November 04, 2003

(Updated) Nude Dancing, Live Sex Acts, And Free Expression At The Oregon Supreme Court

Note: This post has been updated. Any and all updates appear at the end of the original post.

I was going to get to this when the stories first began appearing, but my procrastination paid off because now there are three articles to bring together, including one about the actual arguments before the court.

Late last week, OPB ran a story on a pair of lawsuits against limitations on live sex shows and nude dancing.

Here are the facts of the first case: In 1998, 25-year-old Charles Ciancanelli opened a private lingerie shop called Angels in Roseberg.
Customers paid to see dancers in sexy outfits or with no clothes at all. But Roseberg Police Detective Pat Moore found Angel's employees were do more than dancing.
He busted Ciancianelli for violating a 1973 law that prohibits live sex shows.
...
Apart from the debate over live sex shows, strip club owners are far more worried about a city ordinance in Nyssa, a town of 3000 on the Oregon-Idaho border.
It requires a four-foot distance between strippers and customers.
[Claude DaCourci, head of ACE, Association of Club Executives] says smaller clubs don't have the room for such a buffer and might have to close. But more importantly, he says the rule would affect lap dances.

On Sunday, the Statesman Journal also covered the impending arguments and their potential implications:

Oregon Attorney General Hardy Myers, through Justice Department lawyers, suggested that the court should test individual rights such as free expression against government regulation for community needs.
"Some comparison of the private and public interests at stake -- balancing, in the common modern idiom -- is an inescapable part of the state's test," wrote Assistant Attorney General Robert Atkinson in defense of a law barring sexual conduct in a public show.
"But that is what American courts -- including this one -- historically have done."
Some lawyers say that if the court reconsiders free expression along the line Myers suggests, it could open attempts by government to regulate more than just the sex industry.

This article also quotes a University of Oregon law professor as saying, "It happens that the adult-entertainment industry is on the point here because it is unpopular." This is an almost mind-boggling thing to assert, given how much money that industry rakes in, which it could hardly do if it were unpopular.

So what about the actual arguments before the court? Here is starts to become really interesting, as seen in today's Oregonian, as Assistant Attorney General Robert Atkinson makes the above-mentioned plea for balance:

Justice W. Michael Gillette said the state already made such a suggestion several years ago in a child pornography case.
"Didn't we say we aren't going to do that?" Gillette asked.
"Yes," Atkinson responded.
"Why do you keep coming back at this?" Gillette said.
Atkinson replied that the court had it wrong, that when the framers of the Oregon Constitution wrote protections for free speech, they never intended to allow something like live sex shows.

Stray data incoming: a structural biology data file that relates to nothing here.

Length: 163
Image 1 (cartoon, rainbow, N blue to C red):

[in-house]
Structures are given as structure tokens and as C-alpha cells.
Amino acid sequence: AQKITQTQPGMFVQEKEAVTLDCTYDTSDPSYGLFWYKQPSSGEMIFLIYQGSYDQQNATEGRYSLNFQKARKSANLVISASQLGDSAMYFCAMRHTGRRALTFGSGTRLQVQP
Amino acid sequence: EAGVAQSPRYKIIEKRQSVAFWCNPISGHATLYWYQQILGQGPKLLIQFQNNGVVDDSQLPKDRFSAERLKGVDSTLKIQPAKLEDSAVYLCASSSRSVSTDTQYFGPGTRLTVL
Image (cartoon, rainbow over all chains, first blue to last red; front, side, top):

Even as Gillette appeared to grow angry, Atkinson stuck to his argument that the court incorrectly understood the original intent of the framers. Gillette warned him against using the term "original intent," a legal philosophy that is generally embraced by ultra-conservative scholars and judges.
"Must you inflict it on us?" Gillette asked.
"I think the court has inflicted it on the Oregon Constitution," Atkinson responded defiantly, admitting that he knew the term would get a rise out of the court.
"I do it to be deliberately provocative," he said.
"Well, you're succeeding," Gillette fired back.

These sorts of exchanges have always been my favorite part of what few court hearings on contentious issues I've had the opportunity to attend. But someone more familiar with Gillette than I will have to make the call as to whether this sort of banter happens to be indicative of his position, or merely indicative of putting an attorney through his paces (which has been known to happen).

Meanwhile, in terms of the prohibition of live sex acts, an attorney representing the club in question argued (according to the paper), "The law seeks to punish people for a performance of things that are not themselves against the law." And on the matter of performer/patron distance restrictions for nude dancing, an attorney for the club in question in that case argued that the restriction interferes with "the delivery of an erotic message."

For what it's worth, I do believe that both cases should be decided in favor of protecting both activities, although prohibiting live sex acts, while possibly abridging freedom of expression, just seems a rather silly thing to do, since (as argued) sex itself is not a crime.

There's more on all of this in today's Statesman Journal as well.

Disclaimer for the sake of context, and lest anyone think I have some sort of personal stake in the matter: No, I have never witnessed a live sex act, and I have been to a strip club exactly once, primarily because I had never been before, and a friend (female, incidentally) insisted I had to go at least once in my life.

November 04, 2003

Update

There's some OPB coverage on the arguments before the court as well, which includes a bit of Gillette challenging an attorney to explain why it matters how far away a nude dancer happens to be.

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